LGBT Activists Urge Boycott of Roland Emmerich's "Whitewashed" 'Stonewall'
"A historically accurate film about the Stonewall Riots would center the stories of queer and gender-noncomforming people of color like Sylvia Rivera and Marsha P. Johnson," a MoveOn petition reads. "Not relegate them to background characters in the service of a white cis-male fictional protagonist."
The trailer for Roland Emmerich's film about the 1969 Stonewall riots just debuted online on Tuesday, but it's already sparked controversy among the LGBT community for its portrayal of the start of the gay-rights movement.
The preview presents a white man as the centerpiece of the movie, showing a character named Danny (Jeremy Irvine) arriving in New York City, where he meets the gay community on Christopher Street and is radicalized by his experiences with them at the Stonewall Inn.
Danny is shown throwing a brick as protests become increasingly violent. Jonathan Rhys Meyers' Trevor tells him, "That's not the way." And Danny replies, "It's the only way."
Two petitions and numerous angry tweets claim that the trailer has whitewashed what happened at the birthplace of the LGBT rights movement and object to the preview not devoting more attention to activists like transgender women Marsha P. Johnson, who briefly appears in the trailer, and Sylvia Rivera.
A MoveOn petition aimed at director Roland Emmerich, himself openly gay, urges those who sign it to boycott the movie "for erasing the contributions of of-color queer and gender non-comforming activists."
"Hollywood has a long history of white-washing and crafting White Savior narratives, but this is one step too far," the petition reads. "A historically accurate film about the Stonewall Riots would center the stories of queer and gender-noncomforming people of color like Sylvia Rivera and Marsha P. Johnson. Not relegate them to background characters in the service of a white cis-male fictional protagonist." The petition had received 192 of 200 signatures by Thursday afternoon.
The Gay-Straight Alliance Network of school students also launched a petition calling for a boycott. As of Thursday afternoon, that petition had received nearly 9,500 signatures of its 10,000-signature goal.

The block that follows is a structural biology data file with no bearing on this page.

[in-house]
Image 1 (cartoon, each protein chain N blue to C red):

The petition urges: "Do not throw money at the capitalistic industry that fails to recognize true s/heros. Do not support a film that erases our history. Do not watch Stonewall." The petition claims that the preview shows that the efforts of non-white transgender women and drag queens will not be depicted in the movie. Of the trailer, the petition says, "Majority of characters casted are white actors, cis men play the role of transwomyn, and folks who began the riots do not seem to be credited with such revolutionary acts."
The film was written by openly gay writer Jon Robin Baitz and co-stars Ron Perlman and Joey King. Roadside Attractions is set to release the movie in theaters on Sept. 25 after its world premiere at the Toronto Film Festival earlier that month.
Emmerich responded to the controversy in a Facebook post on Thursday, writing in part, "I understand that following the release of our trailer there have been initial concerns about how [the character of a young midwestern gay man]’s involvement is portrayed, but when this film — which is truly a labor of love for me — finally comes to theaters, audiences will see that it deeply honors the real-life activists who were there — including Marsha P. Johnson, Sylvia Rivera, and Ray Castro — and all the brave people who sparked the civil rights movement which continues to this day." Emmerich also notes that his film is a "fictionalized drama" of the Stonewall riots.
Baitz, meanwhile, posted on Facebook that he only saw the trailer when it debuted online and praised Emmerich for trying "to honor the heroes of that time."
"I stand before people who are angered by a film they have yet to see, and ask that their open hearts allow that the film be judged on its own merits, and not by the demands of a marketing department, because marketing is based entirely in fear, whereas art is based in rage and hope and fire," he wrote in part. "American film (sigh) somewhere in between — nervously shifting its weight between commerce and something greater, and stumbling all the time."
Irvine added, "I saw the movie for the first time last week and can assure you all that it represents almost every race and section of society that was so fundamental to one of the most important civil rights movements in living history. Marsha P Johnson is a major part of the movie, and although first hand accounts of who threw the first brick in the riots vary wildly, it is a fictional black transvestite character played by the very talented @vlad_alexis who pulls out the first brick in the riot scenes. My character is adopted by a group of street kids whilst sleeping rough in New York. In my opinion, the story is driven by the leader of this gang played by @jonnybeauchamp who gives an extraordinary performance as a Puerto Rican transvestite struggling to survive on the streets. Jonathan Rhys Meyers' character represents the Mattachine Society, who were at the time a mostly white and middle class gay rights group who stood against violence and radicalism. I felt incredibly nervous taking on this role knowing how important the subject matter is to so many people but Roland Emmerich is one of the most sensitive and heartfelt directors I've worked with and I hope that, as an ensemble, we have not only done such an important story justice but also made a good movie as well."